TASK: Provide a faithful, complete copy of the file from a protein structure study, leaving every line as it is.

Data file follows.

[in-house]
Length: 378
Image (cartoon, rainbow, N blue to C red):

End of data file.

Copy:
[in-house]
Length: 378
Image (cartoon, rainbow, N blue to C red):